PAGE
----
-  N. Iftimia, B. E. Bouma, and G. J. Tearney, “Speckle reduction in optical coherence tomography by path length encoded angular compounding,” J. Biomed. Opt. 8, 260–263 (2003).
-  L. Ramrath, G. Moreno, H. Mueller, T. Bonin, G. Huettmann, and A. Schweikard, “Towards multi-directional oct for speckle noise reduction,” in Medical Image Computing and Computer-Assisted Intervention, (Springer, 2008), pp. 815–823.
-  M. Hughes, M. Spring, and A. Podoleanu, “Speckle noise reduction in optical coherence tomography of paint layers,” Appl. Optics 49, 99–107 (2010).
-  A. Desjardins, B. Vakoc, G. Tearney, and B. Bouma, “Speckle reduction in OCT using massively-parallel detection and frequency-domain ranging,” Opt. Express 14, 4736–4745 (2006).
-  A. Desjardins, B. Vakoc, W. Oh, S. Motaghiannezam, G. Tearney, and B. Bouma, “Angle-resolved optical coherence tomography with sequential angular selectivity for speckle reduction,” Opt. Express 15, 6200–6209 (2007).
-  M. Pircher, E. Go, R. Leitgeb, A. F. Fercher, and C. K. Hitzenberger, “Speckle reduction in optical coherence tomography by frequency compounding,” J. Biomed. Opt. 8, 565–569 (2003).
-  Z. Jian, L. Yu, B. Rao, B. J. Tromberg, and Z. Chen, “Three-dimensional speckle suppression in optical coherence tomography based on the curvelet transform,” Opt. Express 18, 1024–1032 (2010).
-  E. Candès and B. Recht, “Exact matrix completion via convex optimization,” Commun. ACM 55, 111–119 (2012).
-  Y. Deng, Y. Liu, Q. Dai, Z. Zhang, and Y. Wang, “Noisy depth maps fusion for multiview stereo via matrix completion,” IEEE J. Sel. Top. Sign. 6, 566–582 (2012).
-  H. Ji, C. Liu, Z. Shen, and Y. Xu, “Robust video denoising using low rank matrix completion,” in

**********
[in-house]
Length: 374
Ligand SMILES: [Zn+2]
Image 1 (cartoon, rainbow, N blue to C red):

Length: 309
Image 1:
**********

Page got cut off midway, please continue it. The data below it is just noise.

-  J. Suo, Y. Deng, L. Bian, and Q. Dai, “Joint non-gaussian denoising and superresolving of raw high frame rate videos,” IEEE T. Image Process. 23, 1154–1168 (2014).
-  D. P. Bertsekas, Constrained optimization and Lagrange multiplier methods (Academic Press, 1982).
-  Z. Lin, M. Chen, and Y. Ma, “The augmented lagrange multiplier method for exact recovery of corrupted low-rank matrices,” arXiv preprint arXiv:1009.5055 (2010).
-  A. Leigh, A. Wong, D. A. Clausi, and P. Fieguth, “Comprehensive analysis on the effects of noise estimation strategies on image noise artifact suppression performance,” in IEEE International Symposium on Multimedia (ISM), (IEEE, 2011), pp. 97–104.
-  T. S. Cho, N. Joshi, C. L. Zitnick, S. B. Kang, R. Szeliski, and W. T. Freeman, “A content-aware image prior,” in IEEE Conference on Computer Vision and Pattern Recognition, (IEEE, 2010), pp. 169–176.
-  T. S. Cho, C. L. Zitnick, N. Joshi, S. B. Kang, R. Szeliski, and W. T. Freeman, “Image restoration by matching gradient distributions,” IEEE T. Pattern Anal. 34, 683–694 (2012).
-  F. Heide, M. Rouf, M. B. Hullin, B. Labitzke, W. Heidrich, and A. Kolb, “High-quality computational imaging through simple lenses,” ACM T. Graphic 32, 149:1–149:14 (2013).
Y. Deng, Q. Dai, and Z. Zhang, “An overview of computational sparse models and their applications in artificial intelligence,” inArtif. Intell. Evol. Comput. and Metaheuristics, (Springer Berlin Heidelberg, 2013), pp. 345–369.
-  H. Lee, A. Battle, R. Raina, and A. Ng, “Efficient sparse coding algorithms,” in Advances in Neural Information Processing Systems, (NIPS, 2006), pp. 801–808.
-  Z. Wang, A. C. Bovik, H. R. Sheikh, and E. P. Simoncelli, “Image quality assessment: From error visibility to structural similarity,” IEEE T. Image Process. 13, 600–612 (2004).
-  Y. Yu and S. Acton, “Speckle reducing anisotropic diffusion,” IEEE T. Image Process. 11, 1260–1270 (2002).